I Wish My Heart Had Amnesia

Hurricane Florence is now a past experience. Even with the cleanup and rebuilding required from the damage that was left behind, she is gone. Those affected are left to deal with the damage.

Watching the rain and wind this weekend, I thought about what AFTER the storm would mean. What would Florence leave besides debris? How that debris signifies more than physical damage and that the pain attached to it will linger long after physical environments are restored.

This started me thinking about the storms we weather in our daily lives. How much debris still exists and how do we return  “return to normal” after the storms have passed? Why can’t we just forget painful experiences and be as fresh as the paint on the walls of a restored home?

My first thought was, “I wish my heart had amnesia.” If my heart had amnesia, it would not remember the hurt and pain it endured. When the pain ceased to exist, so would have the aftermath of pain’s destruction.

If it were this easy, when the life experiences I longed for appeared, past pain would have ethereally transformed into beautiful memories instead of ruins of emotion.

Instead, I remain torn, mentally stuck shoveling and toting the debris of past storms between two worlds. Worlds of acceptance perceived by living within a world of joy and a world of skepticism.

The world of skepticism is filled with would have’s, could have’s, should have’s and why me’s combined with wishes that the painful experiences never existed, because they taint the ideal of the desired experience with fear and doubt. Fear, that the desired experience does not really exist, for me and doubt, that even if it does appear, it is only a matter of time before the negative emotions of the previous experience of it will reappear.

The world of joy contains all the peace ever hoped for and comforts one could have only dreamed. It’s a new reality that even as wonderful as it is, is always negotiating its rightful place in the presence its own existence. We internally battle to immerse ourselves in the magnificence of the world of joy while being, sometimes unconsciously, responsible for taking up mental residence in the world of skepticism.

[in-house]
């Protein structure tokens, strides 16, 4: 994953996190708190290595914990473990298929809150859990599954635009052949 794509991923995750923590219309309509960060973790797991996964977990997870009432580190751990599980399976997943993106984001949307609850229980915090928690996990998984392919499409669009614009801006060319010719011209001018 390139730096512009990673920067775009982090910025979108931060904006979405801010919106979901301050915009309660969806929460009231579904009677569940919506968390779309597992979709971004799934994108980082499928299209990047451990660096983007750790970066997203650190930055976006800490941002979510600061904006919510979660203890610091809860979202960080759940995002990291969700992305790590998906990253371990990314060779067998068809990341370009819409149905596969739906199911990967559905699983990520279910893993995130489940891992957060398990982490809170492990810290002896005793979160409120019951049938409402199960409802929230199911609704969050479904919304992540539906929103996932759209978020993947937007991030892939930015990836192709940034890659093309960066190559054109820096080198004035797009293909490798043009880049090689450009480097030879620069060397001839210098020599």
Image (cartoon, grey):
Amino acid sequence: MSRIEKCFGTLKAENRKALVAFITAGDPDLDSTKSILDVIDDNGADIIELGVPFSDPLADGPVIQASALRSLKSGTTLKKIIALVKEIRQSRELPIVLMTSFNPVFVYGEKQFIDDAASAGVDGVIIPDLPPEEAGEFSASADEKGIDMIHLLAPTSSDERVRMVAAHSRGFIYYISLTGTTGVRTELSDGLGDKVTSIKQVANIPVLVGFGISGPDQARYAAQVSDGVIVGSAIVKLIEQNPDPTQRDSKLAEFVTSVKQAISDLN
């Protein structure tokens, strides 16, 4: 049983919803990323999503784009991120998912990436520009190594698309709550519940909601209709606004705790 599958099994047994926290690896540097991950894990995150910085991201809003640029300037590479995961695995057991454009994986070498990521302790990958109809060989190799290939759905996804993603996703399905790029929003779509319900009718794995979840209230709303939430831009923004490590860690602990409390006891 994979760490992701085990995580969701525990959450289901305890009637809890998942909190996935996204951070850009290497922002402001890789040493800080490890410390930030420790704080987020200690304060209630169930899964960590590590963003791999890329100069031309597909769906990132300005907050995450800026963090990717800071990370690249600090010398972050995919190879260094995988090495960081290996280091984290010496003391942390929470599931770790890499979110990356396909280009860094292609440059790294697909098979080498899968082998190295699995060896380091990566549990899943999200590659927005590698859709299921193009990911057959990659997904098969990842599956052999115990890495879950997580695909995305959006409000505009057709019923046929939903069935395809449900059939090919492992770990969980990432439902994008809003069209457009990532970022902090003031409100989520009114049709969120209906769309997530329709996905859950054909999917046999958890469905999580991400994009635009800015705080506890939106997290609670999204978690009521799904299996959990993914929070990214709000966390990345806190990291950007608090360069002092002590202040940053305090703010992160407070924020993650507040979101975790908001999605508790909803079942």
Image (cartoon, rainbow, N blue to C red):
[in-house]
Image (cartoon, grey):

This tug o’ war lends the victory to the greater of our present emotion irrespective of where we physically stand. For example, a great love experience hurts when partnered with the feeling of pain. When the feeling is equivalent to what was, the past remains the present; the storm never clears.

A horrible love experience can feel remarkable when connected to the emotion of hope and anticipation of something better. In the midst of this storm, we “hold on.”

The worlds blend as thoughts and energy that permeate from within us do not align. It confuses and angers us that we can match the two with the wonder of  now. As much as we desire, it is difficult to let go of the pain. There is security in it.  A knowing of what to look for as not to experience it again.  It’s a difficult concept, but pain is not to be forgotten. It should be viewed as an investment because the return on that investment is joy.

Even so, it’s work to see pain as an asset and honestly, I am exhausted with aiming to check that box. The more I achieve, it seems there are more storms to endure..

For now, my worlds continue to mix, and it frustrates me because I just want to “get over it,” even knowing it’s not that easy and that “getting over it” is not the purpose of pain in my life.

Time, with awareness is helping me to stay secure in the eye of the storm and maintain of my world of joy. Self awareness will continue help make this better, easier I know. I also know I will continue make futile wishes that I did not have to bear this journey and could exist in the allure of now, without memory of the past.

Spiritually, I understand that is not the path to self-realization. To just forget each moment as we transition to the next is not why we are here. Even as I continue to wish my heart had amnesia, I know if it did, I could not grasp the beauty of what I experience now.

Without the pain of what I experienced in the past, now would not have such meaning, impact and joy.  If the pain stops, there is no opposite, no comparison, no triumph.  Emotionally, this is where the conflict will always live. So, how should I handle storms of pain?

I must wish my heart to have all the experiences it needs and learn to embrace, not dwell too long in them. I must learn I have experienced the pain, knowing I could count it all to joy, for that is where it has always led me.

Sometimes, more than others,  it is increasingly difficult to really know AND live this, but what I choose does not alter immutable truth;  we are not designed to have pain without joy or vice versa. 

Our lesson is to believe this as we experience and grow through our time in each.  The lesson in the pain, reveals the blessing in the joy. I only know this, because my heart has not forgotten.

Have you ever wished you could forget it all? Start anew? What would you gain by starting over and what would you lose? Finally, how have you invested in pain and received joy?

Until next time.

Blessings and Love,

Denise

 

 

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2 thoughts on “I Wish My Heart Had Amnesia

  1. You state some very true elements in this passage. Knowing that the past can shape us to who we are today and can affect us in so many different ways can be a gift and a curse. As you stated those past pains, make us see the joys we have today.

    “A horrible love experience can feel remarkable when connected to the emotion of hope and anticipation of something better. Even in the face of defeat, this is what makes us “hold on.” This is the line that stuck out to me the most because of its truth.

    Great post!

    Like

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